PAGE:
Verizon's (VZ) common stock pays an ample dividend for holders seeking income. However, VZ's common suffers from the same affliction all common stock suffer from; market risk. In the search for a stable yield, you can do much worse than VZ common stock. However, I also believe you can do better. Enter the Preferred Plus 7.625% Global Certificate (PJL). This is an interesting security that I believe can help income investors achieve a more stable source of robust income than owning common stocks, including VZ. In this article, we'll take a look at PJL to see if it has a place in your portfolio.
We'll start by defining exactly what PJL is. This security is a third party trust preferred, which means basically that a trust issues shares and then uses the proceeds to purchase debt from Verizon. In essence, by owning PJL, you own Verizon debt. These securities were issued at a price of $25 per share which entitles you to an annual dividend rate of $1.90625 paid semiannually. At the issue price that is a very strong 7.625% yield and with shares trading at a small premium to that amount as of this writing at $25.65, the current yield is still 7.43%.
There are a few things to keep in mind with PJL before jumping in. First, the payout from this security is interest and not dividends, rendering it ineligible for the favorable dividend tax treatment. This could be a significant negative in a taxable account as it could potentially substantially reduce the after-tax yield of this issue. However, in a retirement account it shouldn't matter. I would suggest that if you want to be long PJL you do so in some sort of retirement account to avoid the interest treatment of the payouts for tax purposes.
Second, as I said, it only pays out semiannually. Again, if you're holding this long term in a retirement account it probably doesn't matter but if you are relying on this income for your living expenses it could potentially be another negative. It depends on your situation and PJL certainly isn't for everyone but it is something to keep in mind.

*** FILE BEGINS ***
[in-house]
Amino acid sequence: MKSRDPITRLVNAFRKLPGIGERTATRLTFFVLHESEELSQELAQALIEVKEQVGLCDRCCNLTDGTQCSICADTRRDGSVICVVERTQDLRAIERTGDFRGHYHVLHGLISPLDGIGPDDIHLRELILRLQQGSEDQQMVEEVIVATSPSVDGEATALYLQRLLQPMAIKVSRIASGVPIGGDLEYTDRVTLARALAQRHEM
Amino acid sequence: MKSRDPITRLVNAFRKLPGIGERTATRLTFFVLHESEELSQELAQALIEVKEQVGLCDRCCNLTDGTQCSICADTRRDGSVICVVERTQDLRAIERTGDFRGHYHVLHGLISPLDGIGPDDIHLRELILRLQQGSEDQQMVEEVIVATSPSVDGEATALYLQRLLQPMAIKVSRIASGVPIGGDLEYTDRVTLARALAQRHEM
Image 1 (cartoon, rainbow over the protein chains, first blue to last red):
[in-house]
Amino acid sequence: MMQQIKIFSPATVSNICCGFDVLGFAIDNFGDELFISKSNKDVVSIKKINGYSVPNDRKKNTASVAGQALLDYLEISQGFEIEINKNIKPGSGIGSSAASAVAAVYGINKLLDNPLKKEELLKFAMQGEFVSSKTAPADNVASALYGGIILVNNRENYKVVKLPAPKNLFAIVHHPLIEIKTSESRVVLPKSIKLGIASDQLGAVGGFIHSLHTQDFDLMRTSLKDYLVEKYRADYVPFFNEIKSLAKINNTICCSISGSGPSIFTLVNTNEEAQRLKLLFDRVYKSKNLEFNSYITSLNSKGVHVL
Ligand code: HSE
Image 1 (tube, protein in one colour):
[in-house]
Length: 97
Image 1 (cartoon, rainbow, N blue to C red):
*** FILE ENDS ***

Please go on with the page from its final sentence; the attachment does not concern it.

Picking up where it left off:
Third, the issue is trading at a slight premium and with this issue trading past its call date, it could be liquidated by Verizon at any time. If that were to happen holders would be subject to a 65 cent per share capital loss as the issue trades over its call price at present. This isn't a huge price to pay but buying a debt instrument at a premium opens up this type of risk. In fact, this issue was partially called earlier this year so it is a real possibility Verizon won't want to continue to hold this. However, if it planned to call the rest of this security it seems to me it would have done so already. Of course, there is no way of knowing so that is something to definitely be aware of. The issue is set to mature in 2030 regardless of whether Verizon calls it or not so this is not a perpetual preferred security; it is a true debt instrument that will cease no matter what in 2030.
PJL offers investors a chance to essentially buy Verizon debt on an exchange like an ETF or common stock. This allows retail investors to trade in increments of $25 instead of $1,000 or more for traditional debt issues and allows for more liquidity and flexibility. PJL also offers a great yield with the caveats of interest payment tax treatment, semiannual payouts and the potential the issue will be called. If you can get past those three relatively minor issues, I believe PJL can offer your portfolio a tremendous boost of income and from a very safe source. The issue is currently rated A3/A- by Moody's and S&P, respectively, so it is a high quality debt instrument. If you can get past the quirks of PJL it could be the jolt of income your portfolio needs.